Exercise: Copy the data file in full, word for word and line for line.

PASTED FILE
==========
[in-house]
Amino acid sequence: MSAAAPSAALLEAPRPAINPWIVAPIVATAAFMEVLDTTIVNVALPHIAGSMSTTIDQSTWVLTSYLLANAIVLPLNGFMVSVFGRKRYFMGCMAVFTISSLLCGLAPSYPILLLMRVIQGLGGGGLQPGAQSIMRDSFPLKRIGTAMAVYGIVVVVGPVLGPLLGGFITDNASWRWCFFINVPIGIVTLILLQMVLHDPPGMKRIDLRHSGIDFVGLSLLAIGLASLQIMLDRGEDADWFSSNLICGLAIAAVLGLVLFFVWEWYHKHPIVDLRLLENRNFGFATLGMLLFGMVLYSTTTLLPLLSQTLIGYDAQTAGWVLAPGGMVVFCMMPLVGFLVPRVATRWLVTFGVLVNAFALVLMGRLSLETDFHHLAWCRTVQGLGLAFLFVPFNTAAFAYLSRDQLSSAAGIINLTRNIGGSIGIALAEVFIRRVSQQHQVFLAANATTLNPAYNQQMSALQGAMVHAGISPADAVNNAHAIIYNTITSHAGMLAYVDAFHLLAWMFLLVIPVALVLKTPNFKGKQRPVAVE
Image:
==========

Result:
[in-house]
Amino acid sequence: MSAAAPSAALLEAPRPAINPWIVAPIVATAAFMEVLDTTIVNVALPHIAGSMSTTIDQSTWVLTSYLLANAIVLPLNGFMVSVFGRKRYFMGCMAVFTISSLLCGLAPSYPILLLMRVIQGLGGGGLQPGAQSIMRDSFPLKRIGTAMAVYGIVVVVGPVLGPLLGGFITDNASWRWCFFINVPIGIVTLILLQMVLHDPPGMKRIDLRHSGIDFVGLSLLAIGLASLQIMLDRGEDADWFSSNLICGLAIAAVLGLVLFFVWEWYHKHPIVDLRLLENRNFGFATLGMLLFGMVLYSTTTLLPLLSQTLIGYDAQTAGWVLAPGGMVVFCMMPLVGFLVPRVATRWLVTFGVLVNAFALVLMGRLSLETDFHHLAWCRTVQGLGLAFLFVPFNTAAFAYLSRDQLSSAAGIINLTRNIGGSIGIALAEVFIRRVSQQHQVFLAANATTLNPAYNQQMSALQGAMVHAGISPADAVNNAHAIIYNTITSHAGMLAYVDAFHLLAWMFLLVIPVALVLKTPNFKGKQRPVAVE
Image: